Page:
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Stocks

Growth-seeking stocks may lure back investors

TOKYO -- Concerns about a global economic slowdown continue to deter investors from making big stock purchases here, but some have begun betting on companies pursuing growth through capital investment and acquisitions.

     Stock prices for automakers and electronics companies dropped across the board here Friday in response to a strong yen. Mazda Motor, which is easily affected by a strong currency, fell nearly 4%, while Hitachi dipped over 3%.

     But Shiseido and Ajinomoto rose, defying the downturn suffered by export-based blue chips. Both companies had said this month that they plan to boost capital investment and output.

     Cosmetics maker Shiseido decided Feb. 3 to build a new domestic plant to meet growing demand for Japanese products in Asia. Seasonings giant Ajinomoto announced Feb. 8 that it will launch a joint venture producing a type of amino acid.

     Even shares in smaller businesses, as long as they are pursuing new demand and making investments, are being snapped up. W-Scope, which makes battery parts for Chinese electric cars, projects a record operating profit for 2016 and said Feb. 12 that it will bolster output. The issue surged 4.5% Friday, gaining for the fourth session in a row, and is nearing an all-time high.

     Corporations are expected to use the roughly 100 trillion yen ($889 billion) that they hold effectively, but investors seem divided on what that means. Companies with more cash on hand had gained favor amid the turmoil since the beginning of the year, but market players now are refocusing on how the funds are being spent.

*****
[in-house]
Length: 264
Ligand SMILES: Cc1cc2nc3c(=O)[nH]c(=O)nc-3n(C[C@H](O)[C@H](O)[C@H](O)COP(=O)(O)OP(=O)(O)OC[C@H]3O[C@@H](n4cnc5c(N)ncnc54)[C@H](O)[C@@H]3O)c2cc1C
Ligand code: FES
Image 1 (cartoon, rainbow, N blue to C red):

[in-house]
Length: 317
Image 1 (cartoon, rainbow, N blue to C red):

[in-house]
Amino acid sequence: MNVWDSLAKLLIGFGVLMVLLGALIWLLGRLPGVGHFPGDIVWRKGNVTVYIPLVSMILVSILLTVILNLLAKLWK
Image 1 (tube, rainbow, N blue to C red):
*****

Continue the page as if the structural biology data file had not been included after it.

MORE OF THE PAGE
"About 10% of investors are choosing growth issues," said Mitsushige Akino of Ichiyoshi Asset Management.

     Acquisitions are another constructive use of funds. Japanese corporations spent almost twice as much on buying foreign businesses in 2015 than the year before, Tokyo-based consultancy Recof said. Stock prices tend to be high the year after a rush in acquisitions, except in 2008 after the financial crisis and in other rare circumstances.

     Companies that have announced acquisition plans are gaining. Daikin Industries, a giant in commercial air conditioning, is buying a U.S. air filter maker. The issue fell Feb. 9 when the news broke due to concerns about the deal's impact on Daikin's finances. But the forward-looking global strategy led it to a recent high Thursday.

     The market remains extremely risk averse, and only some are actually buying growth stocks. "We still need to see what happens in mid-March and beyond, after the Japanese, U.S. and European central banks hold their policy meetings," said Naoki Fujiwara of Shinkin Asset Management.

     But a wide range of stocks are being oversold in Tokyo. The tide could change quickly, so it would be prudent to keep an eye on companies pursuing growth.

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